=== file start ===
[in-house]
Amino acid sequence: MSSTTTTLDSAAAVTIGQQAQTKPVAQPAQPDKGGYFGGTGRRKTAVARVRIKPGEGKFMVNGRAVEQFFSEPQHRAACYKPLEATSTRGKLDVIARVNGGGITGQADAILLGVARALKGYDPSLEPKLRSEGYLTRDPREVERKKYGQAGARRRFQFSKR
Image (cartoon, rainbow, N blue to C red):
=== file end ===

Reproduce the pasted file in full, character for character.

[in-house]
Amino acid sequence: MSSTTTTLDSAAAVTIGQQAQTKPVAQPAQPDKGGYFGGTGRRKTAVARVRIKPGEGKFMVNGRAVEQFFSEPQHRAACYKPLEATSTRGKLDVIARVNGGGITGQADAILLGVARALKGYDPSLEPKLRSEGYLTRDPREVERKKYGQAGARRRFQFSKR
Image (cartoon, rainbow, N blue to C red):